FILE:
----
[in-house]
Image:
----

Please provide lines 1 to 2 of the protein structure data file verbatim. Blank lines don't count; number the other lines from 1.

[in-house]
Image: